The Romans



Carved signet rings were widely employed to authenticate legal documents.


Signet ring

Red jasper sealstone ring depicting a chariot race in the Circus Maximus, second or third century AD. (VRoma: British Museum: Barbara McManus)

The wearing of a ring to denote office or status was an old custom. In the later empire, free-born men wore gold rings, freedmen silver, and slaves iron.


Portrait of Domitia, wife of emperor Domitian, engraved on a gemstone. The head is 10mm high. (From Sir John Edwin Sandys (ed.), A Companion to Latin Studies, Cambridge University Press 1913)

The Romans brought the art of gem engraving to a high level. Portraits and other designs were cut either in intaglio, by incising the surface of the stone, or cameo, where the figure is made to stand out by carving away the background, a method which can be doubly effective if the stone has layers of different colours, as has onyx or sardonyx.

Sardonyx cameo

First-century AD sardonyx cameo depicting a seated poet, a woman, and a man playing the double flute. (VRoma: British Museum: Barbara McManus)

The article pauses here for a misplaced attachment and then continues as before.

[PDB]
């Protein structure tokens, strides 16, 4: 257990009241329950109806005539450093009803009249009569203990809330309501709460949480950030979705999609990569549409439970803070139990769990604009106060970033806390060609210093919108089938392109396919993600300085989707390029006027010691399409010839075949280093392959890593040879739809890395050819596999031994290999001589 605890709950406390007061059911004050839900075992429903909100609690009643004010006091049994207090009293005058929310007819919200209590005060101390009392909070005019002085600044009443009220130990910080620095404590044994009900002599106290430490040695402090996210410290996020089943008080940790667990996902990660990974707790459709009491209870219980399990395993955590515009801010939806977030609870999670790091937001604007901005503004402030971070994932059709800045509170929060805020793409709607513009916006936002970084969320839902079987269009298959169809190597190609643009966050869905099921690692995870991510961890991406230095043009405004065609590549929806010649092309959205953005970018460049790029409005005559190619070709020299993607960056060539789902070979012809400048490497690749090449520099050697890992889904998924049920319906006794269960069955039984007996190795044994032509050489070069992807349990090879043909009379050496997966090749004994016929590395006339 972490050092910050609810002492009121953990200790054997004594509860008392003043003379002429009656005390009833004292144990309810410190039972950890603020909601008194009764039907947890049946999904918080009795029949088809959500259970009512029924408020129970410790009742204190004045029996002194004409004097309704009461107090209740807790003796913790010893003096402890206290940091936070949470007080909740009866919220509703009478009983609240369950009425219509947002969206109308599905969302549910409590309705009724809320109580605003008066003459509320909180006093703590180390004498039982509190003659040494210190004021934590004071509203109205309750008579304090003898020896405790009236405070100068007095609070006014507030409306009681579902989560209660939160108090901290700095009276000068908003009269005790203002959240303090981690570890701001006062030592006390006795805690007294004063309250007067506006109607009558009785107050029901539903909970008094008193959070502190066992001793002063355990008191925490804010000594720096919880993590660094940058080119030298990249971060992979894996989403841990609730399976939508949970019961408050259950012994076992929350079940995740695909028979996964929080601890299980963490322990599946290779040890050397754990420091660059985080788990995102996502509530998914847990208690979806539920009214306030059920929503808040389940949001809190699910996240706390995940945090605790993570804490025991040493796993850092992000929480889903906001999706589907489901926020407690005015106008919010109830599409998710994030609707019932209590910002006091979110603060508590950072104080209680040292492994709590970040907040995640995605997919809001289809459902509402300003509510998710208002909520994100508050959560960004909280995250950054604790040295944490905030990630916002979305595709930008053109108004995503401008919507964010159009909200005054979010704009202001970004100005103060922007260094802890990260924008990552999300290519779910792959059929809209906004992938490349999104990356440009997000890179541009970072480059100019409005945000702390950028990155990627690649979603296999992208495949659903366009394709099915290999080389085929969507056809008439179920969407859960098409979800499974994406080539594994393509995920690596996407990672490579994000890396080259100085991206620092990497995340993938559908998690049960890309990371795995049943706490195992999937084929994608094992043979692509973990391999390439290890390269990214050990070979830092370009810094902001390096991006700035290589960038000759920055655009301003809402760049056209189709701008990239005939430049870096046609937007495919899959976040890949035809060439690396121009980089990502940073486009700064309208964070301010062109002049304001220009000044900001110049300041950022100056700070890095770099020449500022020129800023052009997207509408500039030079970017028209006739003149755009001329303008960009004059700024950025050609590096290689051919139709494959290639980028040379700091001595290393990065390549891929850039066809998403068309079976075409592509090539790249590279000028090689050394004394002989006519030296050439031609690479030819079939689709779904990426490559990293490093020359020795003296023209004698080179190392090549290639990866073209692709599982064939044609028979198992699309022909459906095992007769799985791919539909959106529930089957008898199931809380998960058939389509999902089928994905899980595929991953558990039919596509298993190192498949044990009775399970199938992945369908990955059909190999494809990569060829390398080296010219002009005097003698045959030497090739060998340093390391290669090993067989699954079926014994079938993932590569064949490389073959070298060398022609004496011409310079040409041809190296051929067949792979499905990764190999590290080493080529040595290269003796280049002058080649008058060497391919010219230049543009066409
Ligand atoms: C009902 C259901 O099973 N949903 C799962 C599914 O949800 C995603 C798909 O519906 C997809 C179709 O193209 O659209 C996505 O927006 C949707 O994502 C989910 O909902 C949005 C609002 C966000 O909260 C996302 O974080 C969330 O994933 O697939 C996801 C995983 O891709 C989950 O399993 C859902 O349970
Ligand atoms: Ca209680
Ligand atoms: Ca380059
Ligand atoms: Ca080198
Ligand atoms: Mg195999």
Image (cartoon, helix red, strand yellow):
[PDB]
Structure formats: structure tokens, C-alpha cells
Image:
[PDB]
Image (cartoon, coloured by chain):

Overview of this page [Ref: 6.3]


One of the minor arts in which Roman craftsman excelled.

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Believe it or not:

Gem stones were originally regarded as having magical significance, and they were carved to enhance these powers. The practice began in Babylonia and Egypt.
The Romans collected objets d'art as expressions of their wealth. It is said that Pompey started the craze for gem stones when he displayed in the temple of Jupiter on the Capitoline Hill the collection of Mithridates which he had captured.